Harman Kardon Neo Review: Plenty of Power in This Small Package
Updated: Aug 19, 2021
Harman Kardon has built a pretty good name for themselves and their latest portable Bluetooth speaker, the Harman Kardon Neo, is another good attempt at bringing their expertise with home speakers to something a little more portable and affordable.
While not yet available in Singapore, it retails at US$89.95, making it a pretty affordable option for people looking to get a speaker. Portability was definitely kept in mind when designing the Neo.
There’s a loop at the top for ease of carrying, allowing users to attach the speaker to bag straps or even belt loops without too much hassle. The front of the speaker is made of metal and is durable, while the bottom has four slightly raised feet as well as a rubberised synthetic plastic coasting that does seem to get a little shiny when skin oils rub off on it.
It’s a simple speaker, but it does offer USB-C charging and a 3.5mm line-in jack at the bottom. The button quality is a bit inconsistent though. The play/pause button and volume up buttons are nice and clicky, but the volume down button doesn’t have as noticeable a click. The power button is mushy and doesn’t offer any audible feedback, while the Bluetooth pairing button has the slightest tactile feedback that it’s being pressed.
There’s a built-in microphone that allows users to hold conference calls, and I’ve found that it works relatively well as long as the speaker is near whoever’s speaking. Once the person speaking is about one or two meters away, the mic doesn’t pick up voices as well anymore.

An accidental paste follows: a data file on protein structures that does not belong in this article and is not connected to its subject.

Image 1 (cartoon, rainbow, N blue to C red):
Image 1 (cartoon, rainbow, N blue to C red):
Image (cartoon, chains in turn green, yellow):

Moving on to the speaker’s sound quality, I have to say that I was blown away by how powerful it can get. Music playing at 100% is definitely louder than you would expect from a speaker of this size. I wouldn’t quite recommend 100% volume however, the mids and highs tend to get a bit distorted. 80% would be a safe limit.
There isn’t quite as much bass here as I expected, but the mids are definitely forward and detailed. Guitar strums are clear and the soundstage is relatively wide.
Vocals are nice and airy, with a slight sparkle in the higher registers. If the speaker is pushed above 80% volume, you do start to hear a bit of sibilance and the highs start getting a little sharp.
The speaker itself has an approximate 10-hour battery, and I’ve found continuous playback on around 60% volume to match that estimate. There’s also IPX7 waterproofing, so this speaker will be right at home when holding pool parties, or even just to use as a speaker in the kitchen.
Honestly, the best part of the speaker is actually the design. I much prefer this over other portable speakers due to how sleek and grown-up it looks. It definitely won’t look out of place in an office, home or even outdoors.
Availability for the Harman Kardon in Singapore is yet to be announced but has been slated for a 2020 release.